Cruise tourism in Kenya seems to be on recovery after another luxury cruise ship docked at the port of Mombasa on November 17 with more than 1,000 tourists and crew.
It was for the first time that MS Insignia which is operated by Oceania Cruises arrived in Mombasa from Seychelles with 668 passengers and 400 crew.
On November 13, MS Nautica which is also operated by Oceania Cruises came to Mombasa with 1,070 tourists and crew.
Following the arrival of MS Insignia, cruise tourist numbers jumped to 2,500 up from 900 last year.
Most of the holidaymakers were from the US while others came from United Kingdom, Germany, Australia, Canada, Norway and South Africa.
Some tourists travelled to Tsavo East and West national parks, Amboseli, Shimba Hills game reserve and Mwalughanje Elephant sanctuary for game drives.
Others enjoyed a tour of Mombasa’s Old Town, Fort Jesus, Haller Park and Bombolulu Workshop Cultural Centre.
Bird enthusiasts visited Arabuko Sokoke forest in Kilifi County which boasts 270 bird species.
A Norwegian tourist Ole Kristian Jorgensen and his wife Sigrun said he was over the moon to be back to Mombasa for the second time.
He explained that 20 years ago, he visited Mombasa for a one-week holiday for both leisure and safari in the national parks.
“At the moment, it’s extremely cold in Norway. So, I am glad to be in Mombasa to enjoy the warm weather,” he said.
“I am surprised that Mombasa has tremendously developed compared to when I arrived here for the first time 20 years ago,” Mr Jorgensen explained.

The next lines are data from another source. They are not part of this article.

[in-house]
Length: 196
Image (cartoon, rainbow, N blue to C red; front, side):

A US couple from San Francisco, Mr John Ritchie and his wife Sandy, said they visited the country for bird watching.
The tourist added that they would tour Arabuko Sokoke Forest in Kilifi County to see rare birds such as Clarke’s Weaver, Sokoke Scops owl, Sokoke Pipit and Amani sunbird.
“We are bird lovers. We will spend the whole day at Arabuko Sokoke to watch various kinds of bird species found in the forest,” the tourist said.
A South African tourist Craig Liddle who was visiting Mombasa for the first time said he came to explore Old Town and the iconic historical building Fort Jesus.
He added that he felt at home due to the friendliness of Mombasa people and the warm weather.
“I am planning to visit again next year for a big safari holiday to enjoy game drives in Kenya’s popular parks and game reserves,” he explained.
Kenya Tourism Board managing director Muriithi Ndegwa said the maiden arrival of MS Insignia was a sign that cruise tourism was on its recovery path.
The KTB boss attributed the increase in cruise ships visiting Mombasa to the US and UK governments’ lift of travel advisories against Mombasa, Kilifi and Kwale Counties.
“Barely a week, we have received two cruise ships with 1,312 tourists and 786 crew members a sign that the cruise tourism is picking up,” he said.
Mr Ndegwa said the marketing agency in collaboration with Kenya Ports Authority would aggressively market the destination in effort to attract more cruise tourists.
“Through the Cruise Indian Ocean Association we have been reaching out to international cruise tourism markets to woo back more luxury ships to Mombasa,” he said.
“I thank the Government and County chiefs for keeping Mombasa safe as it has played a major role in reviving the tourism sector,” he explained.
KPA principal corporate communications officer Haji Masemo said more cruise ships are expected to sail to Mombasa before the end of the year.
The number of cruise ship visits to Mombasa, he explained, had increased to four this year compared to two last year.
“Some years ago, the port used to receive 40 cruise ships per year but the numbers took a dive due to piracy in Somalia territorial waters,” he explained.
“But due to improved security in the Indian Ocean, owing to efforts by Kenya Defence Forces and naval forces from the international community, we are witnessing an increase in cruise ship arrivals at the port of Mombasa,” he added.
KPA, he said, is set to construct a passenger terminal at the port next year at a cost of Ksh100 million.